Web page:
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Are All Self-Directed Companies Built the Same?

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Are All Self-Directed Companies Built the Same? 2019-10-07T17:17:29-05:00

By Jeff Astor

Trusted Self-Directed IRA Companies

What makes a great company? Of course all reputable companies have some combination of excellent products, services, or customer care. But at its foundation, every great company needs great customers. Manufacturer Sy Syms made famous the slogan: “An educated consumer is our best customer.” Very true – especially in the realm of Self-Directed IRAs and Solo 401(k)s.

When diligently doing your research of Self-Directed plans, you will be lead to many businesses’ doorsteps, and for a decision this important, you want to make sure you choose a trusted company. When comparing your options, you really should be on the the lookout for scams, fly-by-nights and bad customer service.

“…you’re not only looking for a plan, but for a company.”

1. Scams

A person calls us and says that they signed up for an Self-Directed IRA with Checkbook Control but they can’t get through to the company. They want to know if we can adopt their plan. I tell them that they can email me their LLC and I’ll show it to our compliance department. More than once it’s happened that the LLC was invalid. In other words, they were given a plan put together by amateurs, jeopardizing the tax-sheltered status of their IRA money. They were victims of a self-directed IRA scam.

Sometimes, it’s not necessarily a scam artist, but they trusted their attorney to write up a proper IRA LLC; one that can hold retirement money. But the attorney did not know what he was doing. “But he’s a tax attorney,” the caller tells me.

“Tax attorneys don’t necessarily know about retirement law,” I respond. “What you need is an ERISA attorney or at least an attorney that knows the basics of ERISA law.” (ERISA stands for “Employee Retirement Income Security Act,” which was established in 1974 by the federal government to set minimum standards for pensions and retirement plans in private industry to protect individuals in these plans. It’s a very specialized field within law.)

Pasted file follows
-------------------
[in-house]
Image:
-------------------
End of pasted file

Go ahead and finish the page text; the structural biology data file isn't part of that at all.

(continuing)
A similar situation is a person who calls up and says they set up their own LLC – a “homemade” LLC based on their understanding of the law. They did not realize that an IRA LLC is not a regular LLC. Regular LLCs can’t hold retirement monies and can’t use those monies to purchase real estate or the like. A proper IRA LLC has been crafted by ERISA attorneys to conform with IRS retirement law.

2. Fly-By-Nights & Pajama Salesmen

The next type of buyer-beware situation is what I call “fly-by-nights.” These are companies offering SD IRAs that have sprung up recently and have no track record. They advertise extremely low prices. As the saying goes: If it’s too good to be true… it often is.

A woman called me up and said she had found someone offering an SD IRA but for considerably less. I asked her the name of the company. She told me the name. I had never heard of it (which is unusual, because there aren’t a tremendous amount of players out there). I did a quick Google search as we spoke and found the company’s address. Then I went to Google Maps and zoomed in. It was a house in a residential area.

I told the woman to Google the address and zoom in on it herself. She did. She then realized that it was a house. I said, “It sounds to me like you’ve got a guy in his basement trying to sell you a Self-Directed IRA.”